The district court, however, committed at least three fundamental errors.
First, the court erroneously concluded that the Tunney Act permits a
court to review the history of the government's investigation (including
related investigations), the government's decision not to challenge
particular practices at the time that a consent decree is negotiated, and
its intentions to challenge uncharged conduct in the future. As a
consequence, the court has sent the message to antitrust defendants that
agreeing to a consent decree with the government will open up the entire
range of that party's conduct to judicial scrutiny, whether or not that
conduct is related to the government's concerns as set forth in the
complaint before the court, and whether or not the government has decided
to challenge that conduct at the time that the decree is negotiated. The
Tunney Act, however, never was intended to substitute the court's views of
what case to bring for the government's.
Second, the court departed from settled Tunney Act precedent by failing
to limit its consideration of the antitrust consequences of the decree to
whether the relief sought in the proposed Final Judgment adequately
remedies the violations set forth in the complaint. Indeed, the court
condemned the decree because it did not dissipate market power acquired
through lawful conduct and because it did not address antitrust concerns
in markets not even alleged in the complaint. In the process, the court
flat out rejected, without justification, Professor Arrow's conclusion
that the practices challenged by the government did not materially augment
Microsoft's "installed base" of users, and his considered judgment that,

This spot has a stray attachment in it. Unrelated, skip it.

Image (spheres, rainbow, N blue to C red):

as a consequence, the decree appropriately remedied the violation alleged
by ensuring that Microsoft does not continue the challenged practices in
Third, Judge Sporkin improperly departed from the principle that he must
defer to the policy and litigation judgments of the Department of Justice,
as well as its expertise, see, e.g., United States v. Western Elec. Co.,
993 F.2d 1572, 1576-77 (D.C. Cir.), cert. denied, 114 S. Ct. 487 (1993),
by impermissibly measuring the proposed Final Judgment against his own
vision of an ideal decree. In so doing, the court failed to pay heed to
Judge Greene's admonition that "[i]f courts acting under the Tunney Act
disapproved proposed consent decrees merely because they did not contain
the exact relief which the court would have imposed after a finding of
liability, defendants would have no incentive to consent to judgment . . .
. The consent decree would thus as a practical matter be eliminated as an
antitrust enforcement tool, despite Congress' directive that it be
preserved." United States v. American Tel. & Tel. Co., 552 F. Supp. 131,
151 (D.D.C. 1982), aff'd sub nom. Maryland v. United States, 460 U.S. 1001
II. THE COURT'S DECISION WILL IRREPARABLY HARM THE PUBLIC INTEREST IN
EFFECTIVE ANTITRUST ENFORCEMENT